Our story picks of the week, featuring the Hollywood Reporter, New York magazine, Wired, Oxford American and the New York Review of Books, with a guest pick by Teddy Worcester.
The author of nearly three dozen books on the decline of manufacturing in America, and a future in which innovation can’t save us but reducing our consumption might:
Most innovation is not done by research institutes and national laboratories. It comes from manufacturing—from companies that want to extend their product reach, improve their costs, increase their returns. What’s very important is in-house research. Innovation usually arises from somebody taking a product already in production and making it better: better glass, better aluminum, a better chip. Innovation always starts with a product.
Look at LCD screens. Most of the advances are coming from big industrial conglomerates in Korea like Samsung or LG. The only good thing in the US is Gorilla Glass, because it’s Corning, and Corning spends $700 million a year on research.
PUBLISHED: Nov. 26, 2013
LENGTH: 7 minutes (1807 words)
Health care workers are attempting to eradicate polio by penetrating remote areas in Afghanistan and Pakistan controlled by the Taliban:
Because all the Afghan polio cases in 2013 have been reported here in the eastern half of the country, these National Immunization Days have special importance in this region. As with the global campaign writ large, polio here has receded greatly over the past two decades but with serious setbacks along the way: Although cases dropped after the fall of the Taliban regime in 2001, an outbreak in 2011 brought 80 new cases and a general sense of emergency. And so the eradication program—which is government-run but supported financially by who and unicef —ordered a “surge” in Afghanistan. They doubled the international staff and cracked down on underperforming and corrupt officials. This year, the surge has paid a huge dividend, in that the war-torn south of the country, for a long time the greatest problem area, now appears to be free of the virus. It’s the inaccessible areas in the east, where Jalalabad is, that are now the main concern.
PUBLISHED: Nov. 21, 2013
LENGTH: 17 minutes (4382 words)
Our story picks of the week, featuring The New Yorker, MIT Technology Review, BuzzFeed, Wired and Gawker, plus a guest pick by Andrew Pantazi.
A look back, and ahead, at how the Internet is evolving to capture our data—and what organizations will do with it next:
"There is no doubt that the Internet—that undistinguished complex of wires and switches—has changed how we think and what we value and how we relate to one another, as it has made the world simultaneously smaller and wider. Online connectivity has spread throughout the world, bringing that world closer together, and with it the promise, if not to level the playing field between rich and poor, corporations and individuals, then to make it less uneven. There is so much that has been good—which is to say useful, entertaining, inspiring, informative, lucrative, fun—about the evolution of the World Wide Web that questions about equity and inequality may seem to be beside the point."
PUBLISHED: Oct. 22, 2013
LENGTH: 16 minutes (4244 words)
A class of students attending José Urbina López Primary School in Matamoros, Mexico had little access to the internet, broken classroom equipment, and difficult living situations. Their teacher, Sergio Juárez Correa, helped them succeed in extraordinary ways using a radical teaching method:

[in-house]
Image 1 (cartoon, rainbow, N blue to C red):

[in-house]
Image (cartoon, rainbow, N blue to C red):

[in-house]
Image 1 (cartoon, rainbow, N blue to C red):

"In Finland, teachers underwent years of training to learn how to orchestrate this new style of learning; he was winging it. He began experimenting with different ways of posing open-ended questions on subjects ranging from the volume of cubes to multiplying fractions. 'The volume of a square-based prism is the area of the base times the height. The volume of a square-based pyramid is that formula divided by three,' he said one morning. 'Why do you think that is?'
"He walked around the room, saying little. It was fascinating to watch the kids approach the answer. They were working in teams and had models of various shapes to look at and play with. The team led by Usiel Lemus Aquino, a short boy with an ever-present hopeful expression, hit on the idea of drawing the different shapes—prisms and pyramids. By layering the drawings on top of each other, they began to divine the answer. Juárez Correa let the kids talk freely. It was a noisy, slightly chaotic environment—exactly the opposite of the sort of factory-friendly discipline that teachers were expected to impose. But within 20 minutes, they had come up with the answer.
"'Three pyramids fit in one prism,' Usiel observed, speaking for the group. 'So the volume of a pyramid must be the volume of a prism divided by three.'"
PUBLISHED: Oct. 15, 2013
LENGTH: 21 minutes (5420 words)
Our story picks of the week, featuring Esquire, Wired, BuzzFeed, The New Republic, Lapham's Quarterly, and a guest pick by Sari Botton.
PUBLISHED: Sept. 27, 2013
Gangs in Chicago have used social media sites like Facebook and Twitter to spread inflammatory messages about rivals and incite violence:
"We naturally associate criminal activity with secrecy, with conspiracies hatched in alleyways or back rooms. Today, though, foolish as it may be in practice, street gangs have adopted a level of transparency that might impress even the most fervent Silicon Valley futurist. Every day on Facebook and Twitter, on Instagram and YouTube, you can find unabashed teens flashing hand signs, brandishing guns, splaying out drugs and wads of cash. If we live in an era of openness, no segment of the population is more surprisingly open than 21st-century gang members, as they simultaneously document and roil the streets of America’s toughest neighborhoods."
PUBLISHED: Sept. 17, 2013
LENGTH: 17 minutes (4452 words)